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Teen Sleep Deficits May Increase Diabetes Risk

Teenage Sleep Deficits Increase Risk for DiabetesMost teens sleep less than what is recommended. Sleep deficits can lead to learning difficulties, irritability, skin problems, weight gain and, as discovered in a new study, increase an individual’s resistance to insulin.

Researchers now believe that increasing the amount of sleep during teenage years could reduce a teen’s insulin resistance and prevent the future onset of diabetes.

“High levels of insulin resistance can lead to the development of diabetes,” said lead author Karen Matthews, Ph.D., of the University of Pittsburgh Department of Psychiatry. “We found that if teens that normally get six hours of sleep per night get one extra hour of sleep, they would improve insulin resistance by 9 percent.”

The study, appearing in the October issue of the journal SLEEP, tracked the sleep duration and insulin resistance levels of 245 healthy high school students.

Participants provided a fasting blood draw, and they kept a sleep log and wore a wrist actigraph for one week during the school year. An actigraph is a small device worn as a wristwatch-like package to measure rest/activity patterns.

For the teens, sleep duration based on actigraphy averaged 6.4 hours over the week, with school days significantly lower than weekends.

Results show that higher insulin resistance is associated with shorter sleep duration independent of race, age, gender, waist circumference, and body mass index.

According to Matthews, the study is the only one in healthy adolescents that shows a relationship between shorter sleep and insulin resistance that is independent of obesity.

In summary, researchers believe interventions to promote metabolic health in adolescence should include efforts to extend nightly sleep duration. Experts suggest that most teens need a little more than nine hours of sleep each night.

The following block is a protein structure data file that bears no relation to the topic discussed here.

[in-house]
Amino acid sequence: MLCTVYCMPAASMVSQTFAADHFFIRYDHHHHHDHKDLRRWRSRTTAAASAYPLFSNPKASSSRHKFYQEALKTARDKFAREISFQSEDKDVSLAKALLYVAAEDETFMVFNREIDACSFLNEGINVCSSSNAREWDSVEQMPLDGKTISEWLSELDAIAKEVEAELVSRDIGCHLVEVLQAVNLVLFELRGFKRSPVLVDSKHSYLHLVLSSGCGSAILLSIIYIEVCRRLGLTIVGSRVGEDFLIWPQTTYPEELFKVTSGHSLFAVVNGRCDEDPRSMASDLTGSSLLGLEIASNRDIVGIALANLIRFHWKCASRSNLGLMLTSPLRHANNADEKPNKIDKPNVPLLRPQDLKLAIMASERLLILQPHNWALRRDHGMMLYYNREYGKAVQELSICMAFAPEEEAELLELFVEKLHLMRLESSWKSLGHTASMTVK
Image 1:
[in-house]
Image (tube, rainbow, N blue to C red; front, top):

Source: The American Academy of Sleep Medicine

Teen Sleep Deficits May Increase Diabetes Risk

Rick Nauert PhD

Rick Nauert, PhDDr. Rick Nauert has over 25 years experience in clinical, administrative and academic healthcare. He is currently an associate professor for Rocky Mountain University of Health Professionals doctoral program in health promotion and wellness. Dr. Nauert began his career as a clinical physical therapist and served as a regional manager for a publicly traded multidisciplinary rehabilitation agency for 12 years. He has masters degrees in health-fitness management and healthcare administration and a doctoral degree from The University of Texas at Austin focused on health care informatics, health administration, health education and health policy. His research efforts included the area of telehealth with a specialty in disease management.

APA Reference
Nauert PhD, R. (2018). Teen Sleep Deficits May Increase Diabetes Risk. Psych Central. Retrieved on May 23, 2019, from
Scientifically Reviewed
Last updated: 8 Aug 2018
Last reviewed: By a member of our scientific advisory board on 8 Aug 2018
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